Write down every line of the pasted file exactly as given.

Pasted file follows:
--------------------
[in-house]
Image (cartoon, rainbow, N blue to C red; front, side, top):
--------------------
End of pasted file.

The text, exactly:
[in-house]
Image (cartoon, rainbow, N blue to C red; front, side, top):